But that went down the drain when the buck was poached. Troy Alan Reinke of Cannon Falls, Minn., pleaded guilty to three wildlife-related counts, including illegally possessing the trophy buck. He was sentenced to 245 days in jail, paid more than $2,100 in fines and restitution, lost his archery equipment and had his hunting privileges revoked for five years.
And he left the DNR with one of the biggest whitetails in state history.
“We inherited a very unique problem,’’ Tietz said.
The original rack has been displayed at the State Fair and Deer Classic show, among others, always under the watchful eye of a conservation officer. But officials feared it might be damaged or stolen, so the replicas were made recently.
Using the original antlers, Livingood casts a mold, then uses polyurethane “plus a trade secret’’ to make the reproductions.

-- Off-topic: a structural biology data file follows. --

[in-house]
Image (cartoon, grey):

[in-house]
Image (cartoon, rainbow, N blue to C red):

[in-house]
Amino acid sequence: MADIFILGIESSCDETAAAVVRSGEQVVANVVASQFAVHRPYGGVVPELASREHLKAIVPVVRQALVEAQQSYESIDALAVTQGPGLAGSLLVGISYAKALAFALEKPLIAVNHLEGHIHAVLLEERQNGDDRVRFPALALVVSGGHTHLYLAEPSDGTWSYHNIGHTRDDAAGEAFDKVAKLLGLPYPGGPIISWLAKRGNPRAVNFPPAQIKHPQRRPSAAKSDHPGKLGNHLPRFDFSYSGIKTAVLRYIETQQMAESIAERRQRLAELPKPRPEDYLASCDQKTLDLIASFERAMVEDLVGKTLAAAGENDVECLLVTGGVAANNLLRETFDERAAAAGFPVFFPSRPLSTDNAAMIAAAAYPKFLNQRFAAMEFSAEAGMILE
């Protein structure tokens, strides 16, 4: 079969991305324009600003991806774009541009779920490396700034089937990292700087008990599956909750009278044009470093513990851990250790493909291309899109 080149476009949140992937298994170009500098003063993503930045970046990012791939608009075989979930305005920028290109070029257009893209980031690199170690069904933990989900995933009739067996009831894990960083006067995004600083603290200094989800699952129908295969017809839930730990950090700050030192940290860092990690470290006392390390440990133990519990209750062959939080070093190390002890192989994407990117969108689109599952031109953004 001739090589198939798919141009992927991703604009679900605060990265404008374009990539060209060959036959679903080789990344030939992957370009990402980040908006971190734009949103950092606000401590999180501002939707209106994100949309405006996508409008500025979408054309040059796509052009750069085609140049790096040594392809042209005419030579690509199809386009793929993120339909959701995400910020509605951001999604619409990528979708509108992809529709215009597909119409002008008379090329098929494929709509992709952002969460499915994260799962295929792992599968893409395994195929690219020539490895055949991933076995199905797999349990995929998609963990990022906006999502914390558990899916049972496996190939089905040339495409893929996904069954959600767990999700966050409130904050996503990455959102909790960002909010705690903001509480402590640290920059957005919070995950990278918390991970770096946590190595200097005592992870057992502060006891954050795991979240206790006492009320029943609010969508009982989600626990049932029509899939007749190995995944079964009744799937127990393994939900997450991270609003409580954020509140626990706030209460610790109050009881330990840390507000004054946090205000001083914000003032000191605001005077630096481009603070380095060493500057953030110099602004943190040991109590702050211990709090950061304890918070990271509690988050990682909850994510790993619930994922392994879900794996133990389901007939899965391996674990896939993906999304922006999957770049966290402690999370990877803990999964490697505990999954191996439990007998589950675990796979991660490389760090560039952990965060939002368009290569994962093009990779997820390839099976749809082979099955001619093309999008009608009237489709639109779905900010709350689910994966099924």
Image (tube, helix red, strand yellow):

“The rack is as heavy as the original,’’ he said.
But the plastic is almost white and must be painted. And a good paint job is key.
“It’s all done with brushes and oil paint, no airbrushes,’’ Livingood said. When painted correctly “the majority of people can’t tell the difference.’’
Said Tietz: “I’ve had them side by side, and you can’t tell which is real.’’
He said the DNR can tell the public about the problems of poaching and why they need citizens to report suspected cases, but the antlers on the Wall of Shame displays — which now will include the Minnesota 8 — make an impressive visual argument.
“It’s an eye-opener for the public to see that this goes on,’’ he said.
Meanwhile, Tietz, a deer hunter, gets almost giddy talking about the antlers.
“It looks more like an elk rack than a deer rack,’’ he said. “You can put a very quality 8- or 12-point rack between this one, and it’s just dwarfed.
Doug Smith • email@example.com